Social Work seniors (left to right) Markie Moore, Chelsea Cordero, Lori Zerrusen, and Emily Chou pictured with Tanya Rhodes-Smith, Director of the Humphreys Institute for Political Social Work at UCONN (middle).
Four BSW undergraduate students from Seton Hall University (SHU) attended the Campaign School for Social Workers run by the Humphreys Institute for Political Social Work at the University of Connecticut (UCONN). The Campaign School for Social Workers was founded in 1996 and has supported more than 2,300 students, social workers, and leaders in policy and politics as volunteers and advocates.
Attending UCONN's Campaign School reinforced the importance of having social workers in multiple political settings. One of the SHU student participants, Chelsea Cordero, a current intern at Assemblyman Gary Schaer's office, is no stranger to the political arena. For her senior capstone project, Chelsea did a policy analysis entitled "Economic Equality in Urban Areas." A poster of her findings has been displayed at various social work and research conferences and aims to increase understanding about the need for wealth generated in urban areas to be repurposed back into these communities. After attending the UNCONN Campaign School, Chelsea commented "One day I will run, and I will make a change creating a difference. I will be representing those who do not think their voices will be heard."
Over the two-day event, social workers from different backgrounds emphasized the importance of inclusion in all sectors of the social work field, especially the political space. It was stressed that those impacted by legislation must be part of the process, reinforcing the "Nothing About Us Without Us" notion that is paramount in social work practice. This point resonated with Emily Chou, a senior SHU social work major who attended the UCONN Campaign School. Emily did her capstone work on the prevention of violence across the life course and found that people of color experience a higher number of adverse child events, negatively affecting their stress levels and overall well-being. She stressed, "Having more people of color in the legislative process is essential as it increases understanding about policies that need to be developed to help address childhood trauma."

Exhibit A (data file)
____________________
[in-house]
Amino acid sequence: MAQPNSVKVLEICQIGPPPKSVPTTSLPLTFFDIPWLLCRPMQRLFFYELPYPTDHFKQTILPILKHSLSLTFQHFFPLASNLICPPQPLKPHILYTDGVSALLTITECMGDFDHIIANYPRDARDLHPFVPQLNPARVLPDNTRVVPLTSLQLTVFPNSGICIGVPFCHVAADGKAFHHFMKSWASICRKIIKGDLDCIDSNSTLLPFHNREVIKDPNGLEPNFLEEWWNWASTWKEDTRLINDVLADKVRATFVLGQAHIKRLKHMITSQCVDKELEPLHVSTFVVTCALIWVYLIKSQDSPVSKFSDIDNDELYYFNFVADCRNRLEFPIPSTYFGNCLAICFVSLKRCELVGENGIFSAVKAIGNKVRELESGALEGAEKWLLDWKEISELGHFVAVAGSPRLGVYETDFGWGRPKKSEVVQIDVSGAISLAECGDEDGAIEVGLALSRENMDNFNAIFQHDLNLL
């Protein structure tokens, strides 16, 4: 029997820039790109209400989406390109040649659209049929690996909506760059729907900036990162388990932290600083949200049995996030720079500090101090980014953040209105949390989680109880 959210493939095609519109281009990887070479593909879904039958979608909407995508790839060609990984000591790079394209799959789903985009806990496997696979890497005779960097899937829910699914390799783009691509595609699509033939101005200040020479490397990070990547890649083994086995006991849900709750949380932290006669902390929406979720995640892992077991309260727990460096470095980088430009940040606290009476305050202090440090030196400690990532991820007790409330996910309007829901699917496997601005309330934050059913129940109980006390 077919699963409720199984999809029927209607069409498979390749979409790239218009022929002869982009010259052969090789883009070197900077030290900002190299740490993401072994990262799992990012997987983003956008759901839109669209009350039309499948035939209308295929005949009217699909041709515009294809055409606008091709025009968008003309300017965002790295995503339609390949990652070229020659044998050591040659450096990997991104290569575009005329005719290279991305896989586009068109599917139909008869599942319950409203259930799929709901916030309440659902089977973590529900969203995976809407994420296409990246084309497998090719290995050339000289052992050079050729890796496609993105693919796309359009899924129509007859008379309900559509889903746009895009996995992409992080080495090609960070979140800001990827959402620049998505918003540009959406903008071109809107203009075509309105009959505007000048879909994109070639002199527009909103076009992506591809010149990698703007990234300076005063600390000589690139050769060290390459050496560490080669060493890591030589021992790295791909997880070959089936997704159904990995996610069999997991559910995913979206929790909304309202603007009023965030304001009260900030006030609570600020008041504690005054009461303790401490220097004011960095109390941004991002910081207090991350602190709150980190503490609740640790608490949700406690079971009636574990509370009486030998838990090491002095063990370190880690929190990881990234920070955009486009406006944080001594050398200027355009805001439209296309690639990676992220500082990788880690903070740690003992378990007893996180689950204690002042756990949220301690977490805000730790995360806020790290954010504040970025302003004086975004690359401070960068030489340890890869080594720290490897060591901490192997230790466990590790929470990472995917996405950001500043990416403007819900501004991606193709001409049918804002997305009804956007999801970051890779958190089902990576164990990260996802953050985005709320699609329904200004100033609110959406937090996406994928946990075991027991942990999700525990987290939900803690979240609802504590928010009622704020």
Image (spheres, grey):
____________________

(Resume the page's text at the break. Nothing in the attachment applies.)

From left to right: SHU seniors Markie Moore, Lori Zerrusen, Emily Chou, and Chelsea Cordero at the UCONN Campaign School.
The UCONN's Campaign School is not only valuable for those planning for focus their professional careers on policy. It is also a great opportunity to be exposed to an experience rich in social work values and discussion. Throughout the event, individuals of varying backgrounds shared their own knowledge about important social justice topics and experiences. Markie Moore, another SHU social work major attending the Campaign School, commented about the importance of the experience, "It attracts diverse individuals who provide insight into the most important and most overlooked issues that we should be paying attention to. Being in a room filled with people who have passion, competency, and a desire to change the world, is the easiest way to stay current as a social worker. Understanding important issues empower us to vote intentionally and research our representatives' positions on these issues."
Lori Zerrusen, a SHU senior who also attended, previously has done research focusing on the ways accessibility affects voting of people with disabilities. She stressed that "Social workers feel passionate about advocating for marginalized groups. During the Campaign School, we learned that social workers have the knowledge, empathy, and unique perspectives about the issues that affect all Americans, especially vulnerable populations." She hopes one day to be more involved in the political process, "it opened my eyes to the possibility I could run for office and make an impact on my community, something I had never considered before."
All SHU students left the event questioning, "Who better to change policies than a social worker?" The UCONN Campaign School experience reaffirmed students' understanding of the various levels of systemic injustice that affect the day-to-day lives of all Americans. The event highlighted the importance of the capstone projects that they completed, along with other SHU social work seniors, that focused on enhanced social and political justice. Their work can be seen at https://blogs.shu.edu/symposia/democracy-in-crisis/.
If you want to learn more about earning a BA in social work, a minor in social work, or a Social Work Policy and Justice Certificate at SHU, please contact the Program Director, Dr. Dawn Apgar, at firstname.lastname@example.org.